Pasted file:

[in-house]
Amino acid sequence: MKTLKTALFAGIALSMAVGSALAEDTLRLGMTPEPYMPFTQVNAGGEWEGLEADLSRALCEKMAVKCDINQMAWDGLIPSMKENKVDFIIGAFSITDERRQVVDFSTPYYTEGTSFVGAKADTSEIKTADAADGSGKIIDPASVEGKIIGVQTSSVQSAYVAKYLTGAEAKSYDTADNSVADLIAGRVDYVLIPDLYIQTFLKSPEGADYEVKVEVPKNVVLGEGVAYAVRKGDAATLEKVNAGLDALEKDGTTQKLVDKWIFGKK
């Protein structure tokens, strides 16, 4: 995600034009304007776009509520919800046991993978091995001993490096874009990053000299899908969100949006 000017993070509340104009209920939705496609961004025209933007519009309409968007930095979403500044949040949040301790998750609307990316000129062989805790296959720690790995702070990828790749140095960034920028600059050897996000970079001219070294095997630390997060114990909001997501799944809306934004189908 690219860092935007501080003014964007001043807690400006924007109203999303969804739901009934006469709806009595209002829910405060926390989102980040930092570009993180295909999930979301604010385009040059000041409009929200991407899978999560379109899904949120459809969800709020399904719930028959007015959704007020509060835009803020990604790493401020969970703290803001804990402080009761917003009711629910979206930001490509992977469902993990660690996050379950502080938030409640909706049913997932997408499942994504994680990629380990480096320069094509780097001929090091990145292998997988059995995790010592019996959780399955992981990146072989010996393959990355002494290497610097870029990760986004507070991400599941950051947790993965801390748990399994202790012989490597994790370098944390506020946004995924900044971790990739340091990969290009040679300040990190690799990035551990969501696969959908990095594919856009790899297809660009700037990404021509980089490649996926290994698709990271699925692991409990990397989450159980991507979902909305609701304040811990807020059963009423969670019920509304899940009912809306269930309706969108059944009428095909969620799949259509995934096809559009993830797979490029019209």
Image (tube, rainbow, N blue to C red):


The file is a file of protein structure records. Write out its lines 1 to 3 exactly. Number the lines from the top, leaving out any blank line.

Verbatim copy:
[in-house]
Amino acid sequence: MKTLKTALFAGIALSMAVGSALAEDTLRLGMTPEPYMPFTQVNAGGEWEGLEADLSRALCEKMAVKCDINQMAWDGLIPSMKENKVDFIIGAFSITDERRQVVDFSTPYYTEGTSFVGAKADTSEIKTADAADGSGKIIDPASVEGKIIGVQTSSVQSAYVAKYLTGAEAKSYDTADNSVADLIAGRVDYVLIPDLYIQTFLKSPEGADYEVKVEVPKNVVLGEGVAYAVRKGDAATLEKVNAGLDALEKDGTTQKLVDKWIFGKK
């Protein structure tokens, strides 16, 4: 995600034009304007776009509520919800046991993978091995001993490096874009990053000299899908969100949006 000017993070509340104009209920939705496609961004025209933007519009309409968007930095979403500044949040949040301790998750609307990316000129062989805790296959720690790995702070990828790749140095960034920028600059050897996000970079001219070294095997630390997060114990909001997501799944809306934004189908 690219860092935007501080003014964007001043807690400006924007109203999303969804739901009934006469709806009595209002829910405060926390989102980040930092570009993180295909999930979301604010385009040059000041409009929200991407899978999560379109899904949120459809969800709020399904719930028959007015959704007020509060835009803020990604790493401020969970703290803001804990402080009761917003009711629910979206930001490509992977469902993990660690996050379950502080938030409640909706049913997932997408499942994504994680990629380990480096320069094509780097001929090091990145292998997988059995995790010592019996959780399955992981990146072989010996393959990355002494290497610097870029990760986004507070991400599941950051947790993965801390748990399994202790012989490597994790370098944390506020946004995924900044971790990739340091990969290009040679300040990190690799990035551990969501696969959908990095594919856009790899297809660009700037990404021509980089490649996926290994698709990271699925692991409990990397989450159980991507979902909305609701304040811990807020059963009423969670019920509304899940009912809306269930309706969108059944009428095909969620799949259509995934096809559009993830797979490029019209």